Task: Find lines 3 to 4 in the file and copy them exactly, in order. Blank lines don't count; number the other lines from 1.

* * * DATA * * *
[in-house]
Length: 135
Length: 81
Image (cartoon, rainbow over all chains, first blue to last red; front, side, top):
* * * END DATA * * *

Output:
Length: 81
Image (cartoon, rainbow over all chains, first blue to last red; front, side, top):